Are You “Wimpy” When it Comes to ADA Compliance?

Wellington Wimpy was a character in the long running comic strip Popeye. For those of us old enough to remember the Popeye cartoons, you will recall that Wimpy, as he was known, was famous for the line “I will gladly pay you Tuesday for a hamburger today.” For some commercial building owners, this phrase may apply to them relating to ADA (Americans with Disabilities Act) compliance in their buildings.

For the uninitiated or new building owners who may not fully understand what the ADA is, here is some background.  President George H. W. Bush signed the legislation in 1990 designating it “the world’s first comprehensive declaration of equality for people with disabilities.”  The 1991 ADA Accessibility Guidelines (ADAAG) set the standard for what makes a facility accessible and the law became effective in 1992.  The ADAAG requires businesses to remove architectural barriers in existing buildings and to ensure that new construction and alterations are built to be accessible to individuals with disabilities.

What does that mean to you as a business owner?  Immediately upon implementation of the ADA in 1992, all business facilities (common areas and tenant spaces) were required to remove architectural barriers as soon as it became “readily achievable” to do so.  Readily achievable is defined as “easily accomplishable without much difficulty or expense.”  Unfortunately, what is considered “easily accomplishable” is not specifically defined, but parameters have been set over time by federal court rulings.  Because of the ambiguity in the law initially, many business owners decided to wait.  They thought it was enough to provide an alternate solution (such as providing curbside assistance or directing people to a secondary entrance) or they waited until a major renovation was necessary.  Unfortunately, neither approach could stop someone from filing a lawsuit which could become much more expensive than fixing the problem in the first place.  Taking a proactive approach and addressing what you can as soon as you can, will save you money in the long run rather than gambling on a lawsuit.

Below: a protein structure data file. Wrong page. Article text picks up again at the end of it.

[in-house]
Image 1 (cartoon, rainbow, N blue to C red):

The courts have provided guidance by setting priorities for readily achievable barrier removal – starting with the path of travel from parking lots & public sidewalks to building entrances, then moving on to restroom & water fountain accessibility, and so on as you make your way through the facility.

The ADAAG, which is the basis the courts use to determine compliance with the law, provides text with diagrams showing its intent.  Many people familiar with the ADAAG consider it to be similar to a building code.  It is very important to note that the ADAAG is NOT a code.  Building codes are constantly evolving with revisions that are published on three year cycles.  Unlike building codes, the ADAAG remained unchanged from 1992 until 2010 when the U.S. Department of Justice adopted new standards.  Since the adoption of the ADA, many of the building code organizations, recognizing the challenges of enforcing standards that they had no control over, incorporated accessibility criteria into their documents that could be enforced.  Consequently, the 2010 ADAAG sought to harmonize the standards with the building codes and other industry guidelines.  However, the 2010 ADAAG is still NOT a code and can only be enforced through the federal court system by federal judges.